Monday, September 1, 2008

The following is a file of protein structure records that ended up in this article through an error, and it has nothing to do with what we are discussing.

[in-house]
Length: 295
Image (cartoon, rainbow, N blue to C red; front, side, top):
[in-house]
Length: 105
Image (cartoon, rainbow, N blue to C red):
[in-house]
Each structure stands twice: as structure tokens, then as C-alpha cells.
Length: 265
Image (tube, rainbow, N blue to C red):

It wasn’t too difficult to find Shabbat services in Rabat. I hoped online and found the address of the Talmud Thora synagogue and a picture of it from the outside. At 6.30 I headed to the building. I knew from the picture that I had found it. It is a nondescript white building. At the top of staircase sits a security guard. I asked him if this was a synagogue, if there were services tonight, and what time they started. Yes, yes, and 7.30. Would I have any problem getting in? No, he said. You are Jewish right? Yes, I said. I came back at 7 .30. From the outside I could see there were lights on in the synagogue. Esther Perez, an octogenarian who was entering the building, greeted us with her name and a Shabbat Shalom. A man walked in as the same time as us and showed us the way. The synagogue was nice, clean, and modern. There were approximately 25 men there, including me, ranging from 8 to 80 years old. It was a beautiful service. During Lcha Dodi, the men (and little boy) took turns singing. Everyone sang the chorus. I was familiar with the melody and the whole service put me at ease. I felt comfortable and at home. After the service I wished everyone a Shabbat Shalom. A young man, probably about 20, seemed to be out of place like me. Where you from? I asked. Meknes, he said. How many Jews still live there? 150, no more like 100, he said. He was probably one of the youngest members of the community and I was glad to have met him, Charles/Shalom. He was visiting Rabat with his mom and his sister although I couldn’t figure out why exactly. He asked where we lived and if we were walking home. I told him that unfortunately we had a very long walk ahead of us and we parted ways. The rest of the night we strolled through the old city, which had totally come alive. As I strolled down the small alleyways I hummed to myself Lcha Dodi and felt good.